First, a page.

Curcumin: Getting Back to Our Roots

Note from Kathleen: This is a sample chapter from Curcumin: Nature’s Answer to Cancer and Other Inflammatory Diseases, by renowned cancer researcher Ajay Goel, Ph.D., an important new book I published. This is vital new information about the prevention and treatment of cancer that will save many lives.

Curcumin has shown positive effects for every single disease for which it has been studied.
Its anti-inflammatory, antioxidant, antimicrobial and anticancer properties are unique in the plant world. That’s what makes curcumin the ideal botanical medicine to conquer virtually every type of cancer and many chronic diseases.
Clearly, nobody wants to have cancer. Without doubt, preventing cancer through a healthy diet and lifestyle is preferable, especially in view of the ineffectiveness and toxicity of the anticancer drugs currently on the market. Curcumin is an excellent preventive, as well as one of the most powerful tools we currently have to prevent and treat cancer. In fact, it is validated by more than 8,000 published, peer-reviewed, scientific articles.
So what is curcumin? If you love curry, you’re no doubt familiar with turmeric, the vivid orange-colored spice that gives curry its distinctive flavor. Inside turmeric is a compound called curcumin, perhaps the most powerful botanical medicine known to mankind.
However, as healthy as turmeric is as a spice, it has a very low curcumin content. Unless you were born into a culture that consumes turmeric-laden meals three times a day as part of your daily diet for your entire life, you’re unlikely to get any real health or medicinal benefit from consuming an occasional meal containing this tasty spice.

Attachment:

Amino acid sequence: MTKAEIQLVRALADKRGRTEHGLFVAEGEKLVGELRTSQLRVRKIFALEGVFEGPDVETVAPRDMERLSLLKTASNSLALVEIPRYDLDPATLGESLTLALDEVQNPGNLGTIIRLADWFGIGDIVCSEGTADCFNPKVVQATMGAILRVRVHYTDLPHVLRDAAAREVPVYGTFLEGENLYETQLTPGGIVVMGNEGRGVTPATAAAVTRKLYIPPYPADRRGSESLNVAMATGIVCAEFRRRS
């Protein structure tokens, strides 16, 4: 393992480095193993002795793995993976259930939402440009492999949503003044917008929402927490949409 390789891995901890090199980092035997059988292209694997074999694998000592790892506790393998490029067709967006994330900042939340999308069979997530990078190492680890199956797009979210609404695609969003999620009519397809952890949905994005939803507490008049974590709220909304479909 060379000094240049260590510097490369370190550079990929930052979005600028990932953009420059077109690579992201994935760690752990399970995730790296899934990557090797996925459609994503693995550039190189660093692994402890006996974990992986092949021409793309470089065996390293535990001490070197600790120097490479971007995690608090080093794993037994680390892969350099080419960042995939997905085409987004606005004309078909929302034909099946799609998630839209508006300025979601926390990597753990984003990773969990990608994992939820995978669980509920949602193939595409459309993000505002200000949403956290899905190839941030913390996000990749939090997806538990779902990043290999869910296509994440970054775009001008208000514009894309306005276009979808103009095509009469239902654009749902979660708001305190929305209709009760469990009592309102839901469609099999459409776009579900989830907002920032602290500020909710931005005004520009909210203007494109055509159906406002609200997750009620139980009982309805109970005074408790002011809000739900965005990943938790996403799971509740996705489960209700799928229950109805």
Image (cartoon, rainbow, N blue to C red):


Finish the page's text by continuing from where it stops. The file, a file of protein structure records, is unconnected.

The curcumin content of turmeric is only 2 to 5%, depending upon the species of turmeric, and the climate and soil where it is grown in different parts of the world. Although turmeric may be the most natural way of achieving health benefits of curcumin, such an approach is not practical for those who can’t consume enough turmeric on a daily basis for a lifetime. That’s why turmeric is not likely to be anywhere close to as effective as curcumin for prevention or treatment for cancer or the other diseases we’re talking about. Curcumin is many times more powerful than turmeric.
Turmeric is the spice and curcumin is the medicine.

Turmeric is the healthy spice. Curcumin is the natural medicine present in turmeric.


This humble herb, used in India for millennia, has no known serious side effects and no toxicity, even when taken in large amounts.

Turmeric has been an integral part of the religious traditions and customs of India’s predominantly Hindu culture for more than 6,000 years. My compatriots in India eat large amounts of turmeric several times every day in their favorite curry dishes.